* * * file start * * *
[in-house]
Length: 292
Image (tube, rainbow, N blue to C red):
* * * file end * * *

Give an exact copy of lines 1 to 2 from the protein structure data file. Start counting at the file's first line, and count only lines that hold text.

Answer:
[in-house]
Length: 292